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Key Considerations When Hiring a Software Developer

Tina Lj.8 min readApr 29, 2024Business & Life
Key Considerations When Hiring a Software Developer

What makes a great software developer? A question that a lot of hiring people are asking when assessing technical skills.

Many software engineers appear impressive on paper. The same goes for numerous roles in software development services. However, sometimes technical recruiters often overemphasize the skills listed on a resume, which can inadvertently result in hiring a "code monkey."

In this blog post, let's see what hiring for quality, not quantity, actually means.

1. Identify problem solvers vs. coders

Problem solvers

When it comes to hiring a developer, one key quality to look for is problem-solving skills. These individuals, often referred to as "problem solvers," excel at analyzing challenges and creating effective solutions.

Problem solvers can handle unexpected issues and think creatively, which makes them invaluable in software development. Their ability to adapt and devise strategies enables them to tackle complex issues that can arise in projects.

Coders

On the other hand, there are individuals who focus primarily on writing code based on provided specifications. These coders, or "builders," are skilled at implementing features and functionalities but may not excel when confronted with unexpected challenges or when a project requires innovative thinking.

2. The impact of problem solvers on development

Innovating solutions

In the software development industry, innovation is crucial for staying competitive. Problem solvers bring a unique perspective that allows them to come up with creative solutions to complex issues.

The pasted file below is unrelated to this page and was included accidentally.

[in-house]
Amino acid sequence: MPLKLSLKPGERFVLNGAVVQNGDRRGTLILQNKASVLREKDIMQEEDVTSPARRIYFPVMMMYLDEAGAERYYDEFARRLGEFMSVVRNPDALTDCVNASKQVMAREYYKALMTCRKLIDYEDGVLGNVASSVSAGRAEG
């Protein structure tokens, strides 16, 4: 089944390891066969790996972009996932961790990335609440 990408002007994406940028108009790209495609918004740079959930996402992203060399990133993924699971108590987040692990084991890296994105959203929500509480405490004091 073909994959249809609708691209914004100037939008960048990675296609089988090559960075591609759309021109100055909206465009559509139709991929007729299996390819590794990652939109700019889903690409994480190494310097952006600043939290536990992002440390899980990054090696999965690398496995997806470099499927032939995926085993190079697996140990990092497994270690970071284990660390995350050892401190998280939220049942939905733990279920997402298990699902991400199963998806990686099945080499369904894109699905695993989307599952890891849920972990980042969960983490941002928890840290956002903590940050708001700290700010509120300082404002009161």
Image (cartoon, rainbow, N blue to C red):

By leveraging their technical knowledge and soft skills, they can think outside the box and develop custom software solutions tailored to a project's specific needs. This innovation often leads to the best software developers creating groundbreaking digital solutions that drive business growth.

Real work is in the details

However, problem-solving doesn't just mean innovation and vision. As Linus Torvalds stated, "Successful projects are 99% perspiration and 1% innovation."

Linus Torvalds, the creator of the Linux kernel and the inventor of the Git distributed version control system, has shown that his method leads to effective outcomes.

Problem-solving in software development requires meticulous attention to detail and hard work. The real success lies in understanding that beyond innovation, a great developer must focus on perfecting the details and executing ideas effectively. The hard work and dedication needed to implement these solutions are what truly drive successful software development projects.